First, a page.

College of Fellows Distinguished Lecture Series Speaker

Lee Slater headshot

Lee Slater
Rutgers University
United States of America
Primary Affiliation: Near-Surface Geophysics

I will offer a perspective on the evolution of NSG as a driver of interdisciplinary science over the last two decades, documenting successes and failures in a quest to establish relationships between geophysical observations and hydrogeological and biogeochemical properties and processes. Focusing on electrical geophysical techniques, I will draw upon examples where the unique qualities of NSG datasets advanced understanding of fluid flow and transport and biogeochemical transformations occurring across multiple scales within the Critical Zone. I will also highlight how NSG exemplifies solution-based science, by touching on environmental, geotechnical and archaeological examples of integration of science into practice. I will reflect on the frustrating potential pitfalls of near surface geophysics, most notably that (1) geophysical observations only provide proxies of the subsurface properties and processes of interest, and (2) inversion of geophysical datasets to produce images of the subsurface requires skill (and honesty) that, if lacking, can result in gross misinterpretation of the subsurface. However, the outlook for NSG as an essential interdisciplinary field of the earth sciences is overwhelmingly positive, as I will highlight with new opportunities for research and professional development of a diverse geoscience workforce.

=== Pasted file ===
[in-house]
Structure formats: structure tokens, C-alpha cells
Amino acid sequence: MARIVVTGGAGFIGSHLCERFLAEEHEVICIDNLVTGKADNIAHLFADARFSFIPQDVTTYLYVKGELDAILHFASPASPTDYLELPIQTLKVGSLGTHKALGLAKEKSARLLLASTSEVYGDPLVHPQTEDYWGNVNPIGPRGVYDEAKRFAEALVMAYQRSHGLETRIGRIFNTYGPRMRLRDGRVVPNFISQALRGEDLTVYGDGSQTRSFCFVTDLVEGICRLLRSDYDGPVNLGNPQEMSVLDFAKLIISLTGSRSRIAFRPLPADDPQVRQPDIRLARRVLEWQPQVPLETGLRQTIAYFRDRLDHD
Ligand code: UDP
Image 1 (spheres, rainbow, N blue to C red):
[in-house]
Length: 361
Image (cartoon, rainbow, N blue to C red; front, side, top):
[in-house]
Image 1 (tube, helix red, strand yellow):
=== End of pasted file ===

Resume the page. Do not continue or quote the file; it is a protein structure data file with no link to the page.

Distinguished Professor and Henry Rutgers Professor in Geophysics at Rutgers University Newark. I nternationally recognized expert in near surface geophysics, hydrogeophysicsand biogeophysics. Published +160 papers in peer-reviewed international journals of hydrogeology and geophysics (ISI H index of 40). Former Chair of the AGU Near Surface Geophysics Focus Group, former Chair of the AGU Hydrogeophysics Committee and long-term Associate Editor of Water Resources Research (WRR). Graduated fifteen PhD students, twelve of whom continue research careers in near surface geophysics/hydrogeophysics. Elected fellow of the American Geophysical Union (AGU) in 2018.